Taking the road less travelled by

Back at the beginning of 2003, Red Gate was doing well: our products were selling, we were profitable, and life was good. Our SQL Comparison tools – version 2 – were popular and, I thought, fully baked. There was very little more we could do with them. Sure, they were a bit slow, there were a few bugs, and we had some competitors snapping at our heels, but there was nothing dramatic that we could add to the products.

We needed a new product. Something that would take us to the next level.

So we had a brainstorming session. Simon and I got everybody together – there were around 20 of us at the time – in a room and we spent an hour writing ideas on post-it notes and sticking them to walls. All good, non-judgemental, brainstorming stuff. At the end of the hour we gathered up the notes, categorised them and got judgemental. Should we do a lint tool for SQL Server, or a test management tool, or something for Oracle or DB2? These were all possibilities, but none of them really inspired us. So we took the easy option and decided to rewrite our existing tools. We threw away all the VB6 code base and started from scratch in C#.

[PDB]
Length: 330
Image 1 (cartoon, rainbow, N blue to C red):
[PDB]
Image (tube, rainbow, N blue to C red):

On paper, this was a really stupid thing to do. A classic, unforced error that's killed, or scarred, companies such as Borland, Netscape, Wordstar and Ashton-Tate. Microsoft even took a stab at bizarre self-harm with their initial attempt to write Longhorn (now Vista) from the ground up in .net.

It was one of the best decisions we've ever made.

With the version 2 tools we'd coded ourselves into a dead-end. To get dramatic results sometimes you need to take dramatic action. To get out of that dead end – to radically improve the products, our customers' lives and, ultimately, Red Gate's sales – we needed to do something beyond the incremental. And that dramatic action was to throw away several man-years of work and start afresh.

But that's hindsight speaking. In reality, we rewrote the tools because we lacked the imagination to do anything grander. It was a lucky mistake. If we'd been more adventurous or had had more vision – if we'd tried to break into new markets or create new tools – then Red Gate would probably have been doomed.